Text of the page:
There was a time at Readers.com when we were prioritizing the speed of getting someone into an open role rather than taking time to make sure that our values aligned and that they actually had the necessary skills to perform at a high level. This approach resulted in a series of hiring mistakes that took several months to uncover from. It was painful and stressful, but we were able to learn so much.
One of our biggest takeaways, as we peeled back the layers of the hiring process, was to hire for attitude and not always place a premium on experience. Because of that, we hire people who are not only aligned with our values but also someone that has an amazing attitude and is really passionate about the work that they will be doing for us.
2) Be intentional about defining your company culture — or it will be defined for you.
Early on, we felt like modeling the behavior that we wanted to see from our team would be enough to set a positive tone for our culture. We learned that we were very wrong. It actually took us a while to figure out why the culture we desperately wanted was slipping from us. Finally, we figured out that as leaders, we had to create structure for our team.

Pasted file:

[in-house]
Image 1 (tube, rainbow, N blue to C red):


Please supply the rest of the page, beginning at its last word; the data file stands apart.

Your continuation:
To define our core values and company mission, we solicited feedback from our team and immediately had a retreat to hammer out the details. We wanted everyone to have a voice in the process, which overall helped with alignment and buy-in. Since that initial meeting, we’ve used our core values as the backbone of our company culture and have actively worked to ensure that our company remains grounded by what we believe in.
3) It is extremely important to create a strong peer network and a group of advisers.
When is the last time you had all of the answers and everything figured out? If you are like us, the answer is never. Since the beginning, we had to teach ourselves everything we needed to know and worked hard to learn as much as possible in spaces we knew nothing about. We didn’t do this because we thought it was best, but because we didn’t know any better. Here in Indianapolis, we are surrounded by a vibrant business community that is full of people who are willing to help, and we’ve leaned on groups of advisors throughout the years more times than we can count.
4) There is tremendous value in focusing on a small number of things and doing them really well.